A day or so ago this news story posted, and it's been making the rounds among several of my colleagues. The short version is simple: a lost Shakespeare play, The History of Cardenio, has been found.

That would be huge news. Shakespeare studies are some of the most difficult in the fields of drama and English to give any new insights into simply because Shakespeare has been studied to death. Just about the only way to create a meaningful contribution on Shakespeare now is to invent an entire method of critique and apply it to him. That or find one of his lost plays and become the big name in Shakespeare studies for the rest of your career.

The story sounds plausible. The History of Cardenio is known to have been written, but it has not been discovered in any manuscript. Lewis Theobald in the early 18th century claimed to have discovered three manuscripts of the play and redacted them into his version of the play, entitled Double Falsehood. The play follows the plot of an episode from Don Quixote. Scholars have been at work trying to discover what Shakespeare remained in Double Falsehood, since Theobald's manuscripts have disappeared and the play is generally considered not to have good enough writing to really be Shakespeare.

If that last bit sounds weird to you, that's because Shakespeare studies have a long history of assuming that Shakespeare was capable of nothing less than perfection. If it was written by him, every line, nay, every word had purpose behind it. If it wasn't very good and was attributed to him, it was often considered to be a false Shakespeare. Titus Andronicus once suffered under this prejudice, until it was proven to be undoubtedly Shakespeare. Nowadays critics say that it is unpolished, but point all over the play to the flashes of genius it exhibits and the seeds of good writing Shakespeare would develop in later works. Shakespeare can do no wrong in the critics' eyes, so much so that bad plays just aren't accepted as his (and if they are, suddenly they're subtly genius all along).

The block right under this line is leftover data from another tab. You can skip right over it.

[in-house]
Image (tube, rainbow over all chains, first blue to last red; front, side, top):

So this story promises something great. If we have the original History of Cardenio we can skip Theobald entirely. And it sounds plausible. The pages date to the 16th century! Sir Humphrey McElroy's estate had it! But sometimes a story looks too good to be true, and this is one of them.

First of all, World News Daily Report is the only site reporting on this at all (it is also akin to The Onion, but not funny, and we'll ignore that for now). Shakespeare's big enough that this would have gotten some traction in the day or so since they posted the story.

Secondly, I can't find any evidence of the existence of a baron named Sir Humphrey McElroy in Brighton anywhere. Anywhere except that news story, that is.

Last, and most damning, is the date of the ink and paper given. The 16th century sounds great. Until you remember that this play is meant to be an adaptation of an episode from Don Quixote. When was that novel published? 1605, the 17th century. A late 16th century print, as reported here, could never be the History of Cardenio, especially considering that the novel was not translated into English for the first time until 1612.

All told, it's a nice little hoax we've had perpetrated on us by this story. I didn't catch it right away, not until I looked closely at the dates claimed and started looking toward other parts of the story, and then at the site at large. Some of my colleagues didn't catch it either. Well-played, World News Daily Report, but I've got my eye on you now. And you're not pulling this one again.